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Featured Image Credit: YouTube/Mitch Summers
Meet Paul Alexander, otherwise known as 'The Man in the Iron Lung'. He's paralysed from the neck down and hasn't been able to breathe on his own since 1952.
At the age of six, Paul contracted the poliovirus and over the following five days he 'lost everything'.
Paul couldn't move or breathe and was rushed to the hospital where he was pronounced dead before a doctor quickly performed a tracheostomy - which involves opening the neck to place a tube into someone's windpipe.
He was then placed into the iron lung and fought tirelessly until 18 months later he left the hospital to go home in Dallas, Texas.
In a short documentary created by Mitch Summers, Paul said: "People didn't like me very much back then, I felt like they were uncomfortable around me."
When asked what he did all day, he replied: "Well, the same thing everybody else does. I woke up, brushed my teeth, washed my face, shaved, had some breakfast.
"I just needed a little bit of help."
He went on: "I would read, or study something, paint a picture or do some drawing. I hated just watching TV."
Despite finishing school, Paul didn't get into college because they said he was 'too crippled' and didn't have the polio vaccination.
Paul then went on to spend the next two years trying to persuade the college to let him attend and was finally accepted on two conditions: that he get vaccination and that a fraternity would be responsible for him.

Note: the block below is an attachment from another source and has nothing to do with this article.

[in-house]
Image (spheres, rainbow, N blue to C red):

Unbelievably, Paul went on to pass the bar and became a lawyer and says he was a 'pretty damn good one'. Which we've got no doubt about.
From then he went on to write a book with just his mouth which he wanted to do to 'inspire people'.
He went on to say: "No matter where you're from or what your past is, or the challenges that you could be facing, you can truly do anything.
"You've just got to set your mind to it and work hard."
All Paul has wanted to do is accomplish the things that he was once told he'd never accomplish. In doing so that means he's not been beaten by polio.
He added: "My story is an example of why your past or even disability does not have to define your future."
You can watch the YouTube video here.